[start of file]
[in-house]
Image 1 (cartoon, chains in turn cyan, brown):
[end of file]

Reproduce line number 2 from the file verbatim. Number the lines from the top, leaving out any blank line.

Image 1 (cartoon, chains in turn cyan, brown):